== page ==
As we reached the end of the C&D Canal within our territory, we turned down another service road, headed into a forested, boggy area called Joy Run. We thought for sure we’d have Rusty Blackbird and Winter Wren here, but no luck. We did, however, come across a flurry of birds that added easy-misses like Tufted Titmouse and White-breasted Nuthatch to our day list. We were walking back to our cars when I saw what I thought was an Accipiter landing in a pine tree. As I brought my bins up to my eyes, I realized the bird was actually a Great-horned Owl! How incredible to see one of these nocturnal raptors out in the daylight! The owl quickly re-positioned itself into a more covert area, obscured by branches and vines, but we each got a good look through Bill’s scope. The owl was constantly scanning it’s surroundings, turning it’s head back and forth, back and forth. Luckily, he or she went undetected by the chickadees and jays that had just passed through, and avoided being mobbed.
The road along Joy Run unexpectedly ended in a dead end, and the three of us gathered around my car to examine our maps, and figure out where we’d be going next. We located a handful of waste water treatment ponds (wintertime gold mines for birders– these water features are often attractive to waterfowl) and started making our way back towards the canal. Earlier that morning, Bill had pointed out how perfect the bridges and towers along the canal were to attract a Peregrine Falcon, a pair of which breed nearby. And just like that, we found one perched on a mid-air oil pipeline! Another excellent species for the count!
Our first treatment pond added Dark-eyed Junco to our list, but no waterfowl or late swallows. On our way to the second set of treatment ponds, Bill suddenly pulled over into a gravel pull-off based solely on the intuition that the hedgerow North of the road looked like a prime spot for a Bald Eagle to perch. The three of us crossed the road, and scanned the distant treetops, and immediately found a very large black bird with a white head– an adult Bald Eagle! Now that’s the stuff of legends right there. I can’t believe how well Bill called that one!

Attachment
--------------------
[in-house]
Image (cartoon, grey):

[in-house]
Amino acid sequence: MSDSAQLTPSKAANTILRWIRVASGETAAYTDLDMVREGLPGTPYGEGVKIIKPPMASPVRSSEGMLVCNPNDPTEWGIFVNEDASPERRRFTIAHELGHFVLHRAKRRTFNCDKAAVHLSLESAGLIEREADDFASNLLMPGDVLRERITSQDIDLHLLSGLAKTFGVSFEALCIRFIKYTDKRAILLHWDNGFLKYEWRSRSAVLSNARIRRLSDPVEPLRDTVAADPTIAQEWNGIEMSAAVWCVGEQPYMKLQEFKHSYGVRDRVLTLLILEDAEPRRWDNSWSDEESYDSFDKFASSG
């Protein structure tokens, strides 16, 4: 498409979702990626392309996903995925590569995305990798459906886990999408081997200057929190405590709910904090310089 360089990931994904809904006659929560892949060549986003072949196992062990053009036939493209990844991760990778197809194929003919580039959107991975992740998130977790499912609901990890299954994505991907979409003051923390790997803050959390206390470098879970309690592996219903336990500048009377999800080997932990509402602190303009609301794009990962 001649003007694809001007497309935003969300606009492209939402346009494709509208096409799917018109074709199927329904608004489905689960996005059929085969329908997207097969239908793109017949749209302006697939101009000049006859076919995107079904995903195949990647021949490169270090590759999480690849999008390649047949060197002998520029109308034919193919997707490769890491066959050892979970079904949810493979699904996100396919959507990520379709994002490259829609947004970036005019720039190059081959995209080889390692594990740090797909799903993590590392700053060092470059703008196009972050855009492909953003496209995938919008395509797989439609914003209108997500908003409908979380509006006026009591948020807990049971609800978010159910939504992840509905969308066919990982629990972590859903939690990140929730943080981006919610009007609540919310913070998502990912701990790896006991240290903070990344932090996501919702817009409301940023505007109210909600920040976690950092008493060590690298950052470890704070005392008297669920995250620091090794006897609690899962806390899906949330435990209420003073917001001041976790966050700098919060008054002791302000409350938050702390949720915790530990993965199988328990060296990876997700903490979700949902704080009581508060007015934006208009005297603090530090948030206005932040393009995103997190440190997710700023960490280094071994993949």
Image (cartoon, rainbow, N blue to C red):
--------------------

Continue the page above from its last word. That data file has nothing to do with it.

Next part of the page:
We continued systematic coverage of our territory, driving down every street and tallying every single bird we came across. The count ended on a high note, as we reached the Eastern border of our area; a flock of over 8,000 Snow Geese was landing onto a cornfield easily observable from a gravel pull-off! Before we even got out of the car, Bill told us to keep an eye out for Northern Harriers (a species we had yet to encounter yet, despite the expansive farm fields in our territory), as something about landing Snow Geese flocks attracts them. Who would’ve known! As we started to scan the flock for rarities, Bill picked out a Ross’s Goose, bringing our total species for the day to 57! The snow geese were exceedingly nervous and flighty, constantly picking up and rearranging themselves in the farm field the spectacle of seeing thousands of white birds in flight will never get old. And just as predicted, we spotted a juvenile Northern Harrier flying overhead.